In current structure, Mudarib seems to work like an employee with compensation linked with profits. Rabb-ul-Maal is basically the entrepreneur (who has the ultimate responsibility to share losses). It is different from a principal agent relationship in corporate form of organization. In that, the principal hires the agent, but the rules do not restrict him not to influence agent’s decisions. Important decisions taken by the agent(s) have to be vetted in Annual General Meetings. Mudarabah rules do not allow such explicit participation at the moment.
Equity financing through shares poses an important question for bankers in general and Islamic bankers in particular who hide behind trust deficit and documentation problems. Why people invest in shares of companies without any guarantee over par value let alone dividend and even when the cash inflows are far away from the sight?
With important covenants in place, equity financing can be used and is used widely. It is interesting to study the size of debt and equity market in developing countries. For instance, in Pakistan, corporate bond market hardly exists, whereas equity financing is more prevalent and widely used. It is because conventional equity based institutions and instruments have over the years developed certain covenants which enable their wide applicability.
In Mudarabah, following two covenants can be introduced to make them more applicable.
a) Mudarib can be asked to contribute some capital. The contract will still remain different from Musharakah as only the Mudarib is the working partner.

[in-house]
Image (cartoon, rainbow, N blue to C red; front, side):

b) Mudarib can be asked to share in loss to some extent.
These two covenants will minimize the problem of adverse selection, moral hazard and principal-agent conflict.
There is a famous Hadith which clearly states:
“All the conditions agreed upon by the Muslims are upheld, except a condition which allows what is prohibited or prohibited which lawful.”
It may be argued that these two covenants may violate the principle of Al-kharaj bil Daman (Link of exposure to risk i.e. one can claim profit only if one is ready to bear the business risk).
These covenants will not result in violation of the said principle because the proposal is not to transfer all liability to the Mudarib and guarantee some fixed profit to the Rabb-ul-Maal. Rabb-ul-Maal will still be liable to bear losses, but Mudarib by way of participation with some capital will also feature in loss sharing.
To structure this model in compliance with principles of Islamic Fiqh, combination of Musharakah and Mudarabah can be used whereby Mudarib in lieu of participation with capital will become a Sharik in the combination. This combination is prevalent in offering liability products and is proposed by Maulana Taqi Usmani in his book “Introduction to Islamic Finance” (p. 36) for project financing as well.
Salman Ahmed Shaikh is a researcher in Islamic Economics. He is author of “Proposal for a New Economic Framework Based on Islamic Principles”. He has also written 14 papers on Islamic Economics. He is a faculty member at Szabist, Pakistan. He can be contacted at firstname.lastname@example.org